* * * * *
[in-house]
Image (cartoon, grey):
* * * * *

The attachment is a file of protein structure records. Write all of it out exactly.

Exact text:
[in-house]
Image (cartoon, grey):